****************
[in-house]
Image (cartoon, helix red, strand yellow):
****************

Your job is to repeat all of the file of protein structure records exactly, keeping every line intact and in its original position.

[in-house]
Image (cartoon, helix red, strand yellow):